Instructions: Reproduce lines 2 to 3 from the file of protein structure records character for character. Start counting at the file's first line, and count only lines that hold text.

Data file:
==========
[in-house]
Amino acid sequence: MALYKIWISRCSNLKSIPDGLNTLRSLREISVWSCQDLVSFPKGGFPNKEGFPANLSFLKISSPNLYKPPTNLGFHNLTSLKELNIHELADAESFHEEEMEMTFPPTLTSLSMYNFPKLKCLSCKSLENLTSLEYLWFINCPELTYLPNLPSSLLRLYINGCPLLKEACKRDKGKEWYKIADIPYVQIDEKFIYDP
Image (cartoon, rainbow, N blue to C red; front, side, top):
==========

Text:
Amino acid sequence: MALYKIWISRCSNLKSIPDGLNTLRSLREISVWSCQDLVSFPKGGFPNKEGFPANLSFLKISSPNLYKPPTNLGFHNLTSLKELNIHELADAESFHEEEMEMTFPPTLTSLSMYNFPKLKCLSCKSLENLTSLEYLWFINCPELTYLPNLPSSLLRLYINGCPLLKEACKRDKGKEWYKIADIPYVQIDEKFIYDP
Image (cartoon, rainbow, N blue to C red; front, side, top):